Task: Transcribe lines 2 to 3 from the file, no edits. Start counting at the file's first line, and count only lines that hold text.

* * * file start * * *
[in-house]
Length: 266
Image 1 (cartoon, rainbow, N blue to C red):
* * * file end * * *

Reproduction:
Length: 266
Image 1 (cartoon, rainbow, N blue to C red):